This is not just a personal struggle, though. Persons with bipolar disorder generally have struggles and issues with sleep. It is one of the physical symptoms of this particular disability. However, what I did not know until recently is how much persons with other disabilities struggle with sleep issues. I only began to realize that when I began to hang with a couple of Moms of autistic children (shout out to you all, ladies) who told me about their issues with staying up with their kids. However, after I began to do some more research the list of other disabilities where sleep problems are part of the disability is long : blindness, ADHD, Down’s syndrome, epilepsy, muscular dystrophy, muscular sclerosis, post-traumatic stress syndrome, anxiety disorders, spina bifida, –  whew that list is long!

So, as I finish writing this at almost 1 a.m., for the non-disabled just know that many times having a disability means no sleep or impaired sleep and be a bit more understanding. For persons with disabilities out there, can you share about your experiences with sleep? Are there any disabilities that I have missed out? Talk to me, people.


Sleep Troubled PWD in Trinidad


So, I am writing this on my cell phone while in a hotel. As per habit, I usually save most, if not all of my trip pics and details till after the trip. Safety, y’all!

This one was close. My packing looked like:

Yep! Like until 20 minutes before the car came to take us to the airport, I was like that!

My heroic efforts to shut down and shut off continued in the car and  in the airport, when I was still dealing with texts and emails for business. My husband was already in chill mode and I was not winding down. However, once I got on the plane, that was it! I was out, biotches.Like literally. I feel asleep on the plane.

That finally flipped the switch and now I am here, reflecting and journalling by the pool outside my hotel room. This year has definitely taught me the need to be strict about rest and relaxation in order to refuel. And so, without further ado, bye!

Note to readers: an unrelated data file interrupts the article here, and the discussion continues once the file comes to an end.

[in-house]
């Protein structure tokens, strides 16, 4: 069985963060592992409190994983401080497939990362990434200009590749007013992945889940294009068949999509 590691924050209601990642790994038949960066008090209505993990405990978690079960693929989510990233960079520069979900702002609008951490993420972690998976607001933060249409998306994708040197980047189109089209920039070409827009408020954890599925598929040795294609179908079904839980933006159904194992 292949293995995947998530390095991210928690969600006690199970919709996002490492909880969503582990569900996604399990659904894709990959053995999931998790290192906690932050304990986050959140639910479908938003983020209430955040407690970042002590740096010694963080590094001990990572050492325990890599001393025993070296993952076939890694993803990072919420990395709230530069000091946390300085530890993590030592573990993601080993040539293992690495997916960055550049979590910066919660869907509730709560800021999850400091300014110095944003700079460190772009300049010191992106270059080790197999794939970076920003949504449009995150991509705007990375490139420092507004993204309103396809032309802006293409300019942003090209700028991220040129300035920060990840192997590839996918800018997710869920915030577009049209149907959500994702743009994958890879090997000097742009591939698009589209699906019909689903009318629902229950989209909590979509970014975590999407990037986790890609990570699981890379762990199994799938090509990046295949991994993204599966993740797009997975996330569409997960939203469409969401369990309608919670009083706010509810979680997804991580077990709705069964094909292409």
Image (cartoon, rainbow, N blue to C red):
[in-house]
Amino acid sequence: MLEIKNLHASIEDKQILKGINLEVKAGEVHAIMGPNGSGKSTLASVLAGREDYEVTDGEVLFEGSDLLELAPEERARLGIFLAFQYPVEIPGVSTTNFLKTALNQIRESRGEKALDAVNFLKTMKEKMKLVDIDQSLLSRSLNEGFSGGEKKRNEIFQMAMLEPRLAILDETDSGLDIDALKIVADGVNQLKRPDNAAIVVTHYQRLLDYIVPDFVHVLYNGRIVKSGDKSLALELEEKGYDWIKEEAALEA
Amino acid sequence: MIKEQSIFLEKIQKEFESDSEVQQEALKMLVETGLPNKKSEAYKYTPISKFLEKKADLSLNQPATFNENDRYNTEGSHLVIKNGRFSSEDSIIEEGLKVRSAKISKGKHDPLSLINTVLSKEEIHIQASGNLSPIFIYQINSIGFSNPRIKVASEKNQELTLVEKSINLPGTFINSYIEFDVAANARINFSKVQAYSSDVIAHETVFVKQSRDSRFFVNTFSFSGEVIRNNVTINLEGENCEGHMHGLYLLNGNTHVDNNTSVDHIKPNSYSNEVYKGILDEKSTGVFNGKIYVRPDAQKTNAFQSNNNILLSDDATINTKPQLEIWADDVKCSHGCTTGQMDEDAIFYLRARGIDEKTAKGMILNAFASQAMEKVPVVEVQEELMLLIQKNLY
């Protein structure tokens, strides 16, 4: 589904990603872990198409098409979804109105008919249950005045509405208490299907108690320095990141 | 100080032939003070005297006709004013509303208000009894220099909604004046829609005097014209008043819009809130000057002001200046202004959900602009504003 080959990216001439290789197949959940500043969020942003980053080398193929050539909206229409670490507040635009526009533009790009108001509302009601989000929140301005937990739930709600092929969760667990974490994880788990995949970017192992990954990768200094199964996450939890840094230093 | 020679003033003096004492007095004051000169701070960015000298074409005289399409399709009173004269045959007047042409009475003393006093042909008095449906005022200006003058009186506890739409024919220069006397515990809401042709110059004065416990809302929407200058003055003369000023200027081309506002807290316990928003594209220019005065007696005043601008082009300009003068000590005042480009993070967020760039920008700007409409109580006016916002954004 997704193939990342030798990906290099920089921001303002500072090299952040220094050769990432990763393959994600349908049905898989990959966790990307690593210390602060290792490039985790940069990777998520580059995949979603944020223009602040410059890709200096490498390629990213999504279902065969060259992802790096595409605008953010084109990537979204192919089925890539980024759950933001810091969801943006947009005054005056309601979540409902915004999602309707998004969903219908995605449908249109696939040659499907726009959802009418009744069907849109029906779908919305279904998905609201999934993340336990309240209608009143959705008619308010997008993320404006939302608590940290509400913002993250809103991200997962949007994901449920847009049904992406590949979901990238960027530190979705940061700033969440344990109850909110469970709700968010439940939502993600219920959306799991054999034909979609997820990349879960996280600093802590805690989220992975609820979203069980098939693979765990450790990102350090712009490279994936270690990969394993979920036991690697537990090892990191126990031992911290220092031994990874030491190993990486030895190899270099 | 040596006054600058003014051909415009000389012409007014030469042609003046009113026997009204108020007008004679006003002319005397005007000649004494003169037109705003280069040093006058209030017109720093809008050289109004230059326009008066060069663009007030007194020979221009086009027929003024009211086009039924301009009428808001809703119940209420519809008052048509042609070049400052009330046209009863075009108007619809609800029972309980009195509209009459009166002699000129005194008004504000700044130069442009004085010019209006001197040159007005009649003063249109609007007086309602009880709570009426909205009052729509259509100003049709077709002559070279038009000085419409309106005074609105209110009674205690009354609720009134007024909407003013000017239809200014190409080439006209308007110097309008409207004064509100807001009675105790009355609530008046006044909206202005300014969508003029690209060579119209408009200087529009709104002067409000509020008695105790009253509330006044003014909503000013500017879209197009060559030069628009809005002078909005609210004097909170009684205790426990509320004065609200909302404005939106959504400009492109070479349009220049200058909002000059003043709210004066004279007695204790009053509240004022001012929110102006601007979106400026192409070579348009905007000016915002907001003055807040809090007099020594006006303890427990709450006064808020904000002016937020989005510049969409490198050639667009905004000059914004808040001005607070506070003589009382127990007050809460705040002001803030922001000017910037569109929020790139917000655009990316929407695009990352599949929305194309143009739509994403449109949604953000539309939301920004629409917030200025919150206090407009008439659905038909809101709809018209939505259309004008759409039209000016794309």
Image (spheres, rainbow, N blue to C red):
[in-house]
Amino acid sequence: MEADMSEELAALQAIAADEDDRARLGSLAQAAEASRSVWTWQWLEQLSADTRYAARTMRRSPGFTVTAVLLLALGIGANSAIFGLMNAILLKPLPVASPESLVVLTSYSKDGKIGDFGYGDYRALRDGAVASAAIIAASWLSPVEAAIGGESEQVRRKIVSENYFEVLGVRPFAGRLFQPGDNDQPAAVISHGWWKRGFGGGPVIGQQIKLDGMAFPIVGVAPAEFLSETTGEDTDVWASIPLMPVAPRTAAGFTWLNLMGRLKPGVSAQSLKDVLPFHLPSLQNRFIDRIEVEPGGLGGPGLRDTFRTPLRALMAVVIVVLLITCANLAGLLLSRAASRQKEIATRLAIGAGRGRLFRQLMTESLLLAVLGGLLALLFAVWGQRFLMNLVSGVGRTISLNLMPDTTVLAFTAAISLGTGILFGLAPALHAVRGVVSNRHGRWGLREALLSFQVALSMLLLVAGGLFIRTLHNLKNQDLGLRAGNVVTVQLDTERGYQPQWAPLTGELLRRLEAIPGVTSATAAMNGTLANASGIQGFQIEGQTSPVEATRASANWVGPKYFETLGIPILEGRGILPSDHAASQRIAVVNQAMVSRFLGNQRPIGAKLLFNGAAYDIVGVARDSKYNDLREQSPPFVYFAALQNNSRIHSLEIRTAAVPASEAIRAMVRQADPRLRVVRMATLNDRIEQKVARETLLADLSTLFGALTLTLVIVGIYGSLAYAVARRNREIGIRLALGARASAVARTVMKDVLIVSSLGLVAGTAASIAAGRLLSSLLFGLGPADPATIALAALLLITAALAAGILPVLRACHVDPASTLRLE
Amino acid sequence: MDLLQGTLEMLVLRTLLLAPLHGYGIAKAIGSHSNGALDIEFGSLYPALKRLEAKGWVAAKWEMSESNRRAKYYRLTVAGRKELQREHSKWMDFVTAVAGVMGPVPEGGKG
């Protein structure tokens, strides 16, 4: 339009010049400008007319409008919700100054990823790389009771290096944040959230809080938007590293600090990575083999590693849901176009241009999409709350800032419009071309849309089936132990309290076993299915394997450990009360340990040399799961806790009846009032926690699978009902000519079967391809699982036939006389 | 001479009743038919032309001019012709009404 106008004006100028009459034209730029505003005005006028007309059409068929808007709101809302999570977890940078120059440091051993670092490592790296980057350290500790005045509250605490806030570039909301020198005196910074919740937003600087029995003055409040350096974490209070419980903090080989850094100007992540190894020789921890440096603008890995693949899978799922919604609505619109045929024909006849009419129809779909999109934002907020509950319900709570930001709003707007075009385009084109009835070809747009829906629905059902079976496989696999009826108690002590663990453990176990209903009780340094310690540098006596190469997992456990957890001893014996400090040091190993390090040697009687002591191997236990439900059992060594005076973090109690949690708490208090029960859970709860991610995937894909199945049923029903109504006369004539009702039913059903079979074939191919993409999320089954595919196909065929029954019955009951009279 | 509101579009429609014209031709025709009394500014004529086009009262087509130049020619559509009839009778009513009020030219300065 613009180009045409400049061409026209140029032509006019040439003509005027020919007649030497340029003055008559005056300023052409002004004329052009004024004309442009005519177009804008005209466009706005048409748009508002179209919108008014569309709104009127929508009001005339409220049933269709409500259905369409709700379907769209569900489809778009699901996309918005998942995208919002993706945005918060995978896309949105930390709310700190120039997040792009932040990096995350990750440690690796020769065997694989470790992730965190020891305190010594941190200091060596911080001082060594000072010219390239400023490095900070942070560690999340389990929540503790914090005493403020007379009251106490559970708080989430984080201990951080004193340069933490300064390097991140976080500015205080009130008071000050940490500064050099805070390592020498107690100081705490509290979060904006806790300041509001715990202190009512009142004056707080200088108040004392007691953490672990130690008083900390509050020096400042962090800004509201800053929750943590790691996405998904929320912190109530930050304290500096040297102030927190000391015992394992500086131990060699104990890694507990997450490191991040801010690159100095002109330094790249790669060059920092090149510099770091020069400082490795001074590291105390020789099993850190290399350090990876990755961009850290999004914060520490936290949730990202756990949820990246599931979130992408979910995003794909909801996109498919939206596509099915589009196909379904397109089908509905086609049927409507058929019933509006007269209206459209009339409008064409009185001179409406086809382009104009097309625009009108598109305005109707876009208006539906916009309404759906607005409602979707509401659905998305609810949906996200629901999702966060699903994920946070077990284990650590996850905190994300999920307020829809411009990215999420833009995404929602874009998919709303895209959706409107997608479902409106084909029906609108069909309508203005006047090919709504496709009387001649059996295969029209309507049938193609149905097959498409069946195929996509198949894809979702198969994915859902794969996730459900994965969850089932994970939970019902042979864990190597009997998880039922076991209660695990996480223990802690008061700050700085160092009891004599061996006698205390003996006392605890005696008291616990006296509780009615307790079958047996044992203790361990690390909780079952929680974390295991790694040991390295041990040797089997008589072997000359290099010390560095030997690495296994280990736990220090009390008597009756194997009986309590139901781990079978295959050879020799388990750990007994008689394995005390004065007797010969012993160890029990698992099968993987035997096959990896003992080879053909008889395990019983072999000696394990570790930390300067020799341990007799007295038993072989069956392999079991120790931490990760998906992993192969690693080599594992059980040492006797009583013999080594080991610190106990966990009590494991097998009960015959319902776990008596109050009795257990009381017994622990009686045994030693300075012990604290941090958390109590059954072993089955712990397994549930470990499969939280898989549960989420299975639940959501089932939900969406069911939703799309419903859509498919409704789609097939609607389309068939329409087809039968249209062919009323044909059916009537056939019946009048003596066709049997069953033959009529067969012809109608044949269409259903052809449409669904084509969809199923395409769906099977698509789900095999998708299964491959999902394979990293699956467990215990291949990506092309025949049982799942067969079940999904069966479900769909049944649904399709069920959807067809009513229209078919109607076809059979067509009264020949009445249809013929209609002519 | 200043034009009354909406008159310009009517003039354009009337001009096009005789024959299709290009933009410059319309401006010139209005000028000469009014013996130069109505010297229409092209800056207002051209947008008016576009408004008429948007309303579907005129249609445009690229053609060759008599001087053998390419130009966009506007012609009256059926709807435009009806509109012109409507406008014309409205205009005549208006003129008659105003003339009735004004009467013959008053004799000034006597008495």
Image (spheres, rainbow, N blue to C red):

“I believe that whenever you are privileged to have more – whether wealth,education, power, status – then that privelege rests an onus upon you to be humbly empathetic to those are less privileged than you. You are obligated to humbly learn about their lives and use your privilege in the best way possible to make their lives better. In turn, using that privilege makes you better.” – Nicole Cowie

Ladies in Disability…..The sisterhood

So, this I ended up in a meeting with two of the scholars in the emerging field of Caribbean disability theory. For those of you that don’t know, disability studies is an academic field in and of itself. It is an emerging field but it is more established in the UK and the USA. In the Caribbean, it just about being born.These ladies who are pioneers are Dr. Jacqueline Huggins from Trinidad and Dr. Annicia Gayle-Geddes from Jamaica. So imagine, these two heavyweights and lil ole B.Sc. me.

You would think that the discussion would be disability heavy (and it was). You would think we would talk about  disability- policy and laws, programmes and international agencies. And you think that the talk would be technical and boring with plenty big words.

You could not be more right and yet more wrong. Yes, we talked shop but it was relaxed and casual. It started with hugs all around and ended with hugs. In between, we talked about our ups and downs and our lives. We were all just sisters in that room who were passionate about what we do and supporting each other.